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There's a phrase"to put out to sea". What to say when the water is not sea but lake or river?"He put out"-is it clear that he went on water?

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You really don't want to just say "he put out", it has an entirely different meaning. In slang terms it refers to someone who is sexually active.

As far as "to put out to sea", don't know that you would really use that in terms of someone on a lake or river, you'd be more likely to say "he went sailing", or they went boating".

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"He put out" is forgot then! :) Only one more question, please: Does'n "he went sailing/boating" means that it is for fun. I mean that sy goes swhere with an aim.
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He shoved-off

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You could say:
~~left the shore
~~set adrift
~~went into the lake or river
~~went boating

There really is no term like "out to sea" when referring to a lake or river

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Can I say "went into the water" if I don't know what kind of water?
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Sure, but that also sounds like they went swimming or under water. Are they in a boat or some type of vessel?
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Little boat, and rowing. And with the aim to get somewhere.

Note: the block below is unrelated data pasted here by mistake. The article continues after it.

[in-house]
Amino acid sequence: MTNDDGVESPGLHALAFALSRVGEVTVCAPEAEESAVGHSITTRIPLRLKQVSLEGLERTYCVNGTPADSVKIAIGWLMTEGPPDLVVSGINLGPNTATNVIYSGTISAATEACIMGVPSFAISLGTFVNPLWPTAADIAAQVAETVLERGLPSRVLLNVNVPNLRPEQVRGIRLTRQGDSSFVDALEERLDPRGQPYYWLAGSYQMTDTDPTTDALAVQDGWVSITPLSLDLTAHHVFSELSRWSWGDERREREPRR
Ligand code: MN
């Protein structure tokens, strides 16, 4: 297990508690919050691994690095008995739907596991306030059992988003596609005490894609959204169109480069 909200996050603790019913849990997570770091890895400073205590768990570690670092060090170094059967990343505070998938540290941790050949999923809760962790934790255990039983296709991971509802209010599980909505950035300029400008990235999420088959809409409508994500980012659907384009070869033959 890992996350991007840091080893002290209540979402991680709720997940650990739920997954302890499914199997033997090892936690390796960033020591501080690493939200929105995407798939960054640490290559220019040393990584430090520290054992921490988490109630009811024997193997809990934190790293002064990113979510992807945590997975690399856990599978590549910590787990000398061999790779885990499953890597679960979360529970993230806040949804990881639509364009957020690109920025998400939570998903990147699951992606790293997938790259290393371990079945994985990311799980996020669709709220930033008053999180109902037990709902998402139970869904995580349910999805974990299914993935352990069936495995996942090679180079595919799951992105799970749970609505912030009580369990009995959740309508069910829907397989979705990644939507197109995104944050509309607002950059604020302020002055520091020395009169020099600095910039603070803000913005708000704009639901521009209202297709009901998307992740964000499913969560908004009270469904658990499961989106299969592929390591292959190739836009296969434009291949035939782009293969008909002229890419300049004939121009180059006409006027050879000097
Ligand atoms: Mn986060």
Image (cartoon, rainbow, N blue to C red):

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They set a course ?
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It's funny, sorry, I don't know if it's your suggestion or you ask this to tell me a proper suggestion. Really bad English. Okay, whole situation, but don't ask why, it's complicated: I would like to express that somebody starts from swhere to swhere. And without the word boat or anything similar, however it should be clear that he starts with some vehicle.
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And shore isn't good becuse it refers to lake, but it may also be river. I'll go crazy. :)
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"They set a course for... " is a really good one in that case.

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I meant "shore off".
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You can say:

" they left (insert name of where they are leaving from) and set a course for (insert name of destination) "
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Perfect! Thanks for both of you!
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to both of you, I think.
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Welcome
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Double connotation. First, "laid to rest" or "let go". Referencing the ebb and flow of the tide of the ocean. The burial of someone while out at sea. Secondly, let go from a position of employment.

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ClaraListensprechen
Excellent--star. And to which I might add, "sailed off into the sunset". :)
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Thanks, to "The Island" hopefully.
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sent to his or her's death bed!

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To sail or to set sail is universal terms used for a nautical journey on lake or by sea, it does not matter what kind of boat or ship it is, no sails are necessary. Ocean liners have sailing schedules as well as fishing charters on lakes.

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